|Figure1: Simulated seismogenic zone above a developing deep mine cave, shown by calibrated Dissipated Plastic Energy. |
In a step change beyond traditional processes, Abaqus finite element analysis (FEA) software from SIMULIA (the Dassault Systèmes’ brand for realistic simulation), is being used to enhance mine design and engineering simulation at a number of major mines around the world. In North and South America, Africa, and Australia some of the world’s biggest mining companies are applying FEA technology to evaluate safety and improve design planning, implementation, and operations.
Beck Arndt Engineering (BAE), a Sydney- based international consultancy, is a pioneer in the commercial development of engineering solutions for the mining industry. The consultancy has worked closely with engineers at SIMULIA Australia to expand the use of Abaqus FEA simulation software for mining applications.
Among the early adopters of mine-ready FEA technology is the world’s largest miner, BHP Billiton. With BAE’s help, BHP has already applied this technology to evaluate mines in Canada and Australia. At the BHP Billiton Nickel West Perseverance Deeps Project in Western Australia, Abaqus FEA software is now being used to help engineer the safety and productivity of planned deep-mining operations.
To achieve this goal in the deep-mining environment requires significant technological innovation. Using measurements of site deformation and seismic action, Abaqus FEA models have been calibrated and, in a single day, used to simulate a full, 3D, inelastic analysis of a mine’s life cycle.
In recent years, similar applications at Debswana’s Jwaneng Mine in Botswana, the Newcrest Mining Ridgeway Deeps Project in New South Wales, Australia, and Rio Tinto’s Argyle Diamond mine in Western Australia have also established Abaqus FEA analysis as the leading technology for multi scale, simulation-aided mining engineering.
The Abaqus Advantage
Joop Nagtegaal, Ph.D., a pioneer of FEA and a Dassault Systèmes Corporate Fellow, says that Abaqus FEA software is unique in its capabilities to enable mining engineers to investigate design innovations from the drawing board to full production.
“In the design stage,” says Nagtegaal, “Abaqus models, which include rockmass volumes spanning several kilometers around the ore body and down to excavations just a few meters across, are used to compare and optimize engineering options. Then, as the mine goes into production, large volumes of data ... are incorporated with the analysis models to allow them to be calibrated to a precision not previously available to the mining industry.”
Seismic event forecasting has become increasingly important at several sites where mining-induced seismic action is a concern. Stephan Arndt, Ph.D., a principal engineer at the BAE Perth office, said the vast amount of analysis required to create solutions in today’s competitive mining markets requires new technologies and methods.
One innovation has been the development of the dissipated plastic energy (DPE) analysis method. DPE analysis has been used to develop controls for potential problems, as well as to better understand how rock masses are damaged. (see Figure 1).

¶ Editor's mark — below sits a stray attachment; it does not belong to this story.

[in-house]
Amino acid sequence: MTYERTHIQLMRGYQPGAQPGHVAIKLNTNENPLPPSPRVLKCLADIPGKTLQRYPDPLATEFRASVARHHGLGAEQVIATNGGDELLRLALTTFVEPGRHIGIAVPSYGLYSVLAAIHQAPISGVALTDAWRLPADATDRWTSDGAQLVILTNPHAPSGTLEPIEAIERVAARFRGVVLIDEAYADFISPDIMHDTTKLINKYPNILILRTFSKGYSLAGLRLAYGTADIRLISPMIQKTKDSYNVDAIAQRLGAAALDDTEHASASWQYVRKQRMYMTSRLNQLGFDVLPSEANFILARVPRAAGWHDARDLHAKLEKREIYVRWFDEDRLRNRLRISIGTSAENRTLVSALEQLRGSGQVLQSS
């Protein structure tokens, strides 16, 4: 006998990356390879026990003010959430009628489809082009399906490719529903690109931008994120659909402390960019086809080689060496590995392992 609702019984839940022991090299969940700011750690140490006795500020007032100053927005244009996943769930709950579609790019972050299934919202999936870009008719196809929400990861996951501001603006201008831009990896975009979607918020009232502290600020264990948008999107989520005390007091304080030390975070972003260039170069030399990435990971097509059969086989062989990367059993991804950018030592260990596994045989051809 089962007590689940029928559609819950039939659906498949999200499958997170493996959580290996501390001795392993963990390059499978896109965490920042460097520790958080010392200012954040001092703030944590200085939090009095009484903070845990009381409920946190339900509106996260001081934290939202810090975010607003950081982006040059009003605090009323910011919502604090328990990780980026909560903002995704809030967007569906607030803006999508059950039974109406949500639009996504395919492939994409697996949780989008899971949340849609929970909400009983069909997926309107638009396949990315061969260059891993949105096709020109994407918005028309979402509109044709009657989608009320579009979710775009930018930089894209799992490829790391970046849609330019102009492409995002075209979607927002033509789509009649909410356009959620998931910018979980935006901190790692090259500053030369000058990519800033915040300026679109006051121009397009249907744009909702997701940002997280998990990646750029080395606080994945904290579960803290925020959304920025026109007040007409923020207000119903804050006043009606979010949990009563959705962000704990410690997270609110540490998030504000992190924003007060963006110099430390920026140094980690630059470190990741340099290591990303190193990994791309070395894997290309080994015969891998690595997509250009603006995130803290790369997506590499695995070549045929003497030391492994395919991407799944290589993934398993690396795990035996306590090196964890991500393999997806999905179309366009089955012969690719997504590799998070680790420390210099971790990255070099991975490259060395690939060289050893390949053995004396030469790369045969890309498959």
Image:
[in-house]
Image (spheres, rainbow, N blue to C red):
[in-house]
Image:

Figure 2: Calibration of ground support performance.
New Methods a Must
As the size and complexity of mining problems being studied increase, engineers are facing the need to leverage high-performance computing solutions.
“The size of the models we now use in mining is unprecedented,” says Arndt. “Distributed memory parallel (DMP) processing, using 32 CPUs with Abaqus FEA software, gives us the capacity to compare a number of different scenarios for minescale model simulations in a very short time. The level of detail achieved in these models allows us to calibrate deformation and rock-mass damage, seismogenic potential, and ground-support performance. Abaqus has an important role to play in mining and our analysis methods are setting new standards in this industry.” (see Figure 2).
Another application of nonlinear modeling is the design of ground support. Mine excavations are subject to high deformation. Not so typical are the strains and loads involved. In some mining cases, tunnels must survive in weak rock just a short distance from massive excavations at great depth.
“To ensure the safety of people and to achieve productivity objectives on these challenging sites with unique geological characteristics, mining engineers need to think outside the box,” says Arndt. “This technology enables quick, cost-efficient analyses,” which he says facilitate the logical decision-making necessary for the future development of mines in safe, environmentally-sound and more economical ways.
“Acceptance of FEA technology in mining is similar to the automotive industry experience,” says Nagtegaal. “Today, we are integrating Abaqus as a tool for simulation-aided mining engineering in much the same way, with similar achievements in cost-savings and improved safety.”
Barry Oosthuizen is the communication advisor for SIMULIA. To comment, send e-mail to DE-Editors@deskeng.com.